I'm studying least square method and I want to check that all I know is right or not.

If $Ax=b$ doesn't have a unique solution we have to use least square method.
The projection of $b$ onto the column space (call it $p$) is the nearest point $A\hat{x}$:
$p=A\hat{x}=Pb$ where $P$ is a projection matrix.

The reason we do that is this:
If $Ax=b$ doesn't have a unique solution,
it means $A$ has dependent rows or dependent columns.
If $A$ has dependent rows, $b$ is outside the column space and the minimum (least square solution) is the projection to the column space.
If $A$ has dependent columns, the $\hat{x}$ (least square solution) is not unique. So we have to choose the shortest, $x^{+}$.

The least square solution comes from the normal equations $A^{T}A\hat{x}=A^{T}b$.

Normal equation is formed this way:
All vectors perpendicular to the column space lie in the left nullspace.
The least square solution is the projection of $b$ onto the column space,
thus the error vector $e=b-A\hat{x}$ must be in the nullspace of $A^{T}$.
So we can write $A^{T}(b-A\hat{x})=0$ or $A^{T}A\hat{x}=A^{T}b$.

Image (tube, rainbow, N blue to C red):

Okay, here is my question.
WHY any vextor $\hat{x}$ can be split into a rowspace component $x_r$ and a nullspace componen $x_n$: $\hat{x}=x_r+x_n$?
(Thus we claim that the shortest solution $x^{+}$ is always in the row space of $A$,
since $Ax_n=0$. It means the rowspace component also solves $A^{T}Ax_r=A^{T}b$.)


1 Answer 1


It comes from the fact that the rowspace and the nullspace are orthogonal complements. This immediately implies that for a real $n\times n$ matrix $A$ that $$\mathbb{R}^n = \ker(A) \oplus \operatorname{col}(A^\mathrm{T})$$ so that any $\mathbf{x}\in\mathbb{R}^n$ can be written uniquely as $\mathbf{x} = \mathbf{x_r} + \mathbf{x_n}$ where $\mathbf{x_n}\in\ker(A)$ and $\mathbf{x_r}\in\operatorname{col}(A^\mathrm{T})$.

If you require a proof of the fact that the nullspace and rowspace are orthogonal complements, pretty much every standard linear algebra text should contain such a proof.


You must log in to answer this question.

Not the answer you're looking for? Browse other questions tagged .